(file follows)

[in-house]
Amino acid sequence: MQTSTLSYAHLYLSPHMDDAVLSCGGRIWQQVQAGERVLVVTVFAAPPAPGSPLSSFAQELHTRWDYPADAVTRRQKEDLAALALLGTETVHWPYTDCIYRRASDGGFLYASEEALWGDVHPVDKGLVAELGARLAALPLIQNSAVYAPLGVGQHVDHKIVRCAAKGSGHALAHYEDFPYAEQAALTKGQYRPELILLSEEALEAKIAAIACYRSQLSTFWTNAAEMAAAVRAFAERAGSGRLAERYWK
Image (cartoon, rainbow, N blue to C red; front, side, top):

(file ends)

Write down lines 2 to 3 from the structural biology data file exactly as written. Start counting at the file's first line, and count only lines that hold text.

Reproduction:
Amino acid sequence: MQTSTLSYAHLYLSPHMDDAVLSCGGRIWQQVQAGERVLVVTVFAAPPAPGSPLSSFAQELHTRWDYPADAVTRRQKEDLAALALLGTETVHWPYTDCIYRRASDGGFLYASEEALWGDVHPVDKGLVAELGARLAALPLIQNSAVYAPLGVGQHVDHKIVRCAAKGSGHALAHYEDFPYAEQAALTKGQYRPELILLSEEALEAKIAAIACYRSQLSTFWTNAAEMAAAVRAFAERAGSGRLAERYWK
Image (cartoon, rainbow, N blue to C red; front, side, top):